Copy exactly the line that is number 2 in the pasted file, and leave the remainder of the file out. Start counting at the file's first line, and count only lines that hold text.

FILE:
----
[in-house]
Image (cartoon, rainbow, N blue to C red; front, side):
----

Image (cartoon, rainbow, N blue to C red; front, side):